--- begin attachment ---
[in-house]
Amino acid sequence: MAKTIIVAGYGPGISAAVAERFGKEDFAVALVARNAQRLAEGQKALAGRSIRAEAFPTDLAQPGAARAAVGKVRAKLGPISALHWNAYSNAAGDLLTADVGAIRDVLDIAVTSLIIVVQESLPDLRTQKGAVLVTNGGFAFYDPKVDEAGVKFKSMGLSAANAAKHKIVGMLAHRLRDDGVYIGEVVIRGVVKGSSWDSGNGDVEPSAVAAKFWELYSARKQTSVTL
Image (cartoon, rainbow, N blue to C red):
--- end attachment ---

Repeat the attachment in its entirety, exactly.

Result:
[in-house]
Amino acid sequence: MAKTIIVAGYGPGISAAVAERFGKEDFAVALVARNAQRLAEGQKALAGRSIRAEAFPTDLAQPGAARAAVGKVRAKLGPISALHWNAYSNAAGDLLTADVGAIRDVLDIAVTSLIIVVQESLPDLRTQKGAVLVTNGGFAFYDPKVDEAGVKFKSMGLSAANAAKHKIVGMLAHRLRDDGVYIGEVVIRGVVKGSSWDSGNGDVEPSAVAAKFWELYSARKQTSVTL
Image (cartoon, rainbow, N blue to C red):